Stop Solving Problems

Too often individuals in leadership positions see their job as solving problems for others instead of engaging others in problem solving. Our mayor recently made this error when announcing he was considering the possible sale of neighborhood pocket parks.

Like many cities, Indianapolis faces some significant budget challenges. Our new mayor ran on a platform of reducing government expense and rightly is looking at every budget line for possible savings.

But a completely unnecessary political tug-of-war has since unfolded. I say unnecessary because however admirable the mayor’s overall intentions (greater fiscal responsibility), he failed to engage those most affected by the decisions as possible problem-solvers. In stead of seeing them as collaborators, he has left them to be critics.

A far better approach would have been to convene a meeting of neighborhood leaders and say something like this:
As you know we are facing difficult financial decisions. I recognize the value of neighborhood parks and how they enhance community pride and the quality of life. But having numerous very small parks is costly to maintain and difficult to manage. I need your help in identifying ways the city can collaborate with neighborhood associations and each neighborhood’s residents to maintain and even enhance park quality while reducing the city’s financial exposure. Let’s start brainstorming how we might be able to do that.
If we want people to accept more responsibility for the quality of their neighborhoods, their communities, their professional associations, their workplaces, and beyond, we have to engage them not merely as recipients of our decisions and solutions, but as active deciders and solution-creators themselves. Leadership then involves more convening and conversing, more thinking with than delivering to, more facilitation than mere providing.


David M. Patt, CAE said...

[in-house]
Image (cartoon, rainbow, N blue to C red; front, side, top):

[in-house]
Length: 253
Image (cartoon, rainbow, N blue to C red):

The neighborhood associations, in this case, are basically being told they have to sacrifice. Involving them in the decision, while admirable, is simply handing them the knife to stab themselves.

What if they proposed cuts they didn't think would affect their neighborhoods?

What if they proposed cutting expenses that support, the airport, hotels, and tourism?

What if they proposed cutting the mayor's staff or reducing salaries and expenses of elected officials and municipal employees?

Neighborhood groups, like association members, should be consulted all of the time, not just when they are being asked to give up something.

Jeffrey Cufaude said...


The neighborhood associations aren't being told anything specifically; the citizens are. I simply used the associations as an example of an existing public communication conduit that could be sued to engage the citizenry is generating other possible solutions rather than selling pocket parts to a private enterprise.

And if ultimately I'm going to be stabbed, I'd prefer to direct the blade to where in might inflict the last pain and long-term damage just as if I am going to be given a bonus at work, I'd prefer to have some say it what the reward is as opposed to having a cash amount given to me when I might prefer more time off or some other option.

For me it's an issue of engagement and involving others in doing for themselves that which typically leaders do to/for them (that's a philosophy articulated by Margaret Wheatley's in "A Simpler Way."